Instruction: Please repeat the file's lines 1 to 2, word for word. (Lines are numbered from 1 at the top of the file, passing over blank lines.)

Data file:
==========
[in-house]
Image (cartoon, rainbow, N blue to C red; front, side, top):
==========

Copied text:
[in-house]
Image (cartoon, rainbow, N blue to C red; front, side, top):